- The Washington Times - Tuesday, February 28, 2012

All of the Republican primaries and caucuses so far amount to mere appetizers ahead of next week’s main course, when GOP faithful go to the polls for Super Tuesday — the 10-state showdown that will signal how much longer long the nomination battle goes on.

Mitt Romney, running a national campaign, hopes to go a long way toward sewing things up next week with a strong showing — but his three major rivals each want to win in different parts of the country, scenarios that could further damage the air of inevitability Mr. Romney has tried to cultivate.

Former House Speaker Newt Gingrich didn’t bother to compete in Tuesday’s Arizona and Michigan contests, instead spending the past week battling in Washington, which holds caucuses on Saturday, and then Idaho and Georgia, before turning to Tennessee.

All three of those states are part of Super Tuesday, as are North Dakota, Virginia, Vermont, Massachusetts, Ohio and Oklahoma. Alaska’s conventions also begin on March 6.

“Winning next Tuesday moves us toward Tampa in a big way,” Mr. Gingrich said while campaigning on Tuesday, referring to the Florida site of the Republican National Convention in late August. “Georgia is the biggest group of delegates out there on Super Tuesday, so this is a big deal and it really, really matters.”

He is leading in polling in Georgia, while former Sen. Rick Santorum of Pennsylvania holds a lead in Ohio, Oklahoma and Tennessee.

Mr. Santorum even took time out of campaigning in Michigan on Tuesday to drop into Perrysburg, Ohio, for a quick rally before shooting back north for a post-primary party in Grand Rapids, Mich.

For his part, Mr. Romney heads to Ohio early Wednesday morning, where he once again will have to play catchup.

He does hold a commanding lead in polls in Massachusetts, where he served a term as governor, and also leads polling in Virginia, where the contest is a two-man race between him and Rep. Ron Paul of Texas.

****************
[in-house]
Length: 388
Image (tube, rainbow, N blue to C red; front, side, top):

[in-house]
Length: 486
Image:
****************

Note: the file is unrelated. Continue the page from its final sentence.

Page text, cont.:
Neither Mr. Gingrich nor Mr. Santorum secured enough signatures to get on Virginia’s ballot, and the rules don’t allow a write-in candidate.

Mr. Paul is the only candidate still in the race who has not won a single state. He, like Mr. Gingrich, did not put much effort into Michigan or Arizona, and on Tuesday he was already in Virginia holding a rally.

His campaign also launched another “money bomb” fundraiser, challenging the congressman’s dedicated supporters to flood his campaign with money to help them with get-out-the-vote-efforts headed into next week.

“Time is running out,” campaign manager John Tate said in an email to supporters. “Without an immediate influx of funds, I’ll have to cut out crucial parts of this plan or just ignore some states altogether.”

The field has been remarkably stable, with just four candidates competing since South Carolina, more than a month ago. And each of them vows to compete deep into the race.

Nationally, all eyes will still be on Mr. Romney, who is the only candidate to make a play for every state that has voted so far.

Before Arizona and Michigan, he had won New Hampshire, Florida, Nevada and Maine, and came in second in Iowa, South Carolina and Colorado, and in Missouri’s nonbinding primary. He came in third in Minnesota.

The national presence has paid off, as he’s easily outdistanced his rivals for the most delegates won so far.

His test now will be to see if he can pick up support in the Midwest, where he has struggled to connect.

This article is based in part on wire service reports.

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